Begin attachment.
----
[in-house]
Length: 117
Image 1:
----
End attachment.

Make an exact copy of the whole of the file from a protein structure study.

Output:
[in-house]
Length: 117
Image 1: